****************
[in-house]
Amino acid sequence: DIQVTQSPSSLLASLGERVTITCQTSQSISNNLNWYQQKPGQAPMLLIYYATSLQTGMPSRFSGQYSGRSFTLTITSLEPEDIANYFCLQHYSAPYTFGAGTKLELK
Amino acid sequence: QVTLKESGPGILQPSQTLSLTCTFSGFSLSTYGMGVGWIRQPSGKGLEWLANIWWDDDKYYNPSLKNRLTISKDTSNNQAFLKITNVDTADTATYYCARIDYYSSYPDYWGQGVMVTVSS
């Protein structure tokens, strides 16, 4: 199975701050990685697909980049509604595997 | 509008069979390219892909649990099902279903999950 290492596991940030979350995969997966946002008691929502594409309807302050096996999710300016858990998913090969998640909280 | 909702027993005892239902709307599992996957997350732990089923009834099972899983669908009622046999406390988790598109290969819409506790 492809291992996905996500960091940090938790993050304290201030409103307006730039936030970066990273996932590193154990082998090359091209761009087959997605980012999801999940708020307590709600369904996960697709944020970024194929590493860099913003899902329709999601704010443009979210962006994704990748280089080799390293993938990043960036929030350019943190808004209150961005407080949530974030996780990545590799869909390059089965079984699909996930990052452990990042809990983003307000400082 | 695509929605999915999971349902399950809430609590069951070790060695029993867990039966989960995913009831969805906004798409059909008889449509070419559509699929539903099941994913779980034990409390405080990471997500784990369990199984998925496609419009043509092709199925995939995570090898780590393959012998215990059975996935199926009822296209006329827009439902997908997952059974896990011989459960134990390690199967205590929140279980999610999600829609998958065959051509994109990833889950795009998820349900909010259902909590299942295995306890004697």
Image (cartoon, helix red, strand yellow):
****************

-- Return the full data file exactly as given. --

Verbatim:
[in-house]
Amino acid sequence: DIQVTQSPSSLLASLGERVTITCQTSQSISNNLNWYQQKPGQAPMLLIYYATSLQTGMPSRFSGQYSGRSFTLTITSLEPEDIANYFCLQHYSAPYTFGAGTKLELK
Amino acid sequence: QVTLKESGPGILQPSQTLSLTCTFSGFSLSTYGMGVGWIRQPSGKGLEWLANIWWDDDKYYNPSLKNRLTISKDTSNNQAFLKITNVDTADTATYYCARIDYYSSYPDYWGQGVMVTVSS
């Protein structure tokens, strides 16, 4: 199975701050990685697909980049509604595997 | 509008069979390219892909649990099902279903999950 290492596991940030979350995969997966946002008691929502594409309807302050096996999710300016858990998913090969998640909280 | 909702027993005892239902709307599992996957997350732990089923009834099972899983669908009622046999406390988790598109290969819409506790 492809291992996905996500960091940090938790993050304290201030409103307006730039936030970066990273996932590193154990082998090359091209761009087959997605980012999801999940708020307590709600369904996960697709944020970024194929590493860099913003899902329709999601704010443009979210962006994704990748280089080799390293993938990043960036929030350019943190808004209150961005407080949530974030996780990545590799869909390059089965079984699909996930990052452990990042809990983003307000400082 | 695509929605999915999971349902399950809430609590069951070790060695029993867990039966989960995913009831969805906004798409059909008889449509070419559509699929539903099941994913779980034990409390405080990471997500784990369990199984998925496609419009043509092709199925995939995570090898780590393959012998215990059975996935199926009822296209006329827009439902997908997952059974896990011989459960134990390690199967205590929140279980999610999600829609998958065959051509994109990833889950795009998820349900909010259902909590299942295995306890004697």
Image (cartoon, helix red, strand yellow):